Manchester-based giant the Co-operative Group are expanding their banking interest by purchasing 632 Lloyds TSB and Cheltenham and Glouscester branches.
The Rochdale-founded business are set to pay £350million as an initial fee – it could increase to £400million depending on future performance.
The colossal deal will give customers more choice and make banks more competitive. The Co-op have 4.8million members and the deal represents a 6% share of the UK market as their branches reached almost 1,000.
Peter Marks, Group Chief Executive of The Co-operative Group, said: “This deal would deliver the biggest shake-up in high street banking in a generation.
“Consequently, we believe this would be a great deal for customers, for the public, for UK banking generally and for The Co-operative Group, in particular.”
He added: “It would be a great deal for the taxpayer because as well as receiving a fair price up front, the deal would also mean they would share in the profits of the enlarged bank for years to come.
“So far as UK banking generally is concerned, this would be a great deal because it would help restore trust in a sector whose image has been badly tarnished over recent years.”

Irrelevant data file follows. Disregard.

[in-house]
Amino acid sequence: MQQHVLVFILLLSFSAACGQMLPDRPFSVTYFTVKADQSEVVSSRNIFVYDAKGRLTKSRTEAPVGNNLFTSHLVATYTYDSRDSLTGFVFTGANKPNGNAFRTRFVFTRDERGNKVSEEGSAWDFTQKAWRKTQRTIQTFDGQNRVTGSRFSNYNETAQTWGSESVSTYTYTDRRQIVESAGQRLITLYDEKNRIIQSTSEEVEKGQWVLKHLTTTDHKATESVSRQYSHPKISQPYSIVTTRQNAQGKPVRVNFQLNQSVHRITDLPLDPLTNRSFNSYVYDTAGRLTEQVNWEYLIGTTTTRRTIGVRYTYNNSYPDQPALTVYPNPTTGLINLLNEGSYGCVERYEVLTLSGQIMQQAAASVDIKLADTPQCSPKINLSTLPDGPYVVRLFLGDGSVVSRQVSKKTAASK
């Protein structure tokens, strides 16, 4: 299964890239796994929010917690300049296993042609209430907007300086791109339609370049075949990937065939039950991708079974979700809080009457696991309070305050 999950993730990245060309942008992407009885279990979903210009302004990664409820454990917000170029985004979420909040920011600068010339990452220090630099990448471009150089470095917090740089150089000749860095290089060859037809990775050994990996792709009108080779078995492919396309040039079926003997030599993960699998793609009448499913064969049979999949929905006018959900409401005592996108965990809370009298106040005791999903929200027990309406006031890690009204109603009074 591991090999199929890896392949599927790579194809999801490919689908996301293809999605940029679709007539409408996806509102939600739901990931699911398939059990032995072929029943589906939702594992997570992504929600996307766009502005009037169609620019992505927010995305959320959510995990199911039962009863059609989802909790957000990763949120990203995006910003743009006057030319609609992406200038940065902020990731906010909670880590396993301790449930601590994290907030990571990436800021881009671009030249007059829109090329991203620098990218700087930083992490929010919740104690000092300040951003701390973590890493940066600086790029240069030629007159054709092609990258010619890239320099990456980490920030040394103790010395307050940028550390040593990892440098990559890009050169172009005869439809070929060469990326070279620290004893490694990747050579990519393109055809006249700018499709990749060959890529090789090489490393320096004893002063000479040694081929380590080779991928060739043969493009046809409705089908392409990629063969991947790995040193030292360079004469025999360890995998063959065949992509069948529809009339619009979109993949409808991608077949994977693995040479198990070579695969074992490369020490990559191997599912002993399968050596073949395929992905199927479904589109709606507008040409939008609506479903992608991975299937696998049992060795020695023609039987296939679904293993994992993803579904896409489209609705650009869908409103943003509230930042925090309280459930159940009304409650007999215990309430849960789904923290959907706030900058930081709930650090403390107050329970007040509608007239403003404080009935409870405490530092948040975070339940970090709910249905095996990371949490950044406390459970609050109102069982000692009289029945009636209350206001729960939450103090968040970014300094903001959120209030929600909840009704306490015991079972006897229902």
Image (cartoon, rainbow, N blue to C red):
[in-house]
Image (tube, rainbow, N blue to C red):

Lloyds’ government bailout following the banking collapse in 2008 means it is still 40% owned by the taxpayer.
The deal is yet to be approved by the Financial Services Authority but it is expected to be complete by November next year.
The Chancellor, George Osborne, said: "This is another step towards creating a new banking system for Britain that gives real choice to customers and supports the economy," he said.
"The sale of hundreds of Lloyds branches to the Co-operative creates a new challenger bank and promotes mutuals.
“This follows the sale of Northern Rock to Virgin Money in January and represents another important step towards a more competitive banking sector."
The Co-operative Group have 20million customers and a staff-force of 100,000 – the deal is expected to propel them into the ‘premier league’ of banking.
Mr Marks added: “The acquisition of the Verde business would significantly advance our growth strategy, creating a combined bank approaching 7% market share of UK personal current account customers.
“That would allow us to really challenge the status quo on the high street.
“Despite the crisis in the financial sector, our bank has continued to go from strength to strength, coming through the financial crisis in great shape and maintaining our ethical and socially responsible credentials.
“Whilst we are not at the end of the road yet, we are pleased to have reached this important milestone and look forward to continuing to work with Lloyds Banking Group to reach a final agreement.”
Last month, the Group revealed surprising financial figures for the last year as they outperformed the UK market and grew by 1.5% - a £35.6billion total turnover.
The community-focused sector has grown by a huge 20% since the financial crisis first hit the UK in 2008, while the national economy has slumped by 1.7% in the same time period.
There are currently 4,784 Co-operatives in England, with a large portion of that figure in Manchester and the North West.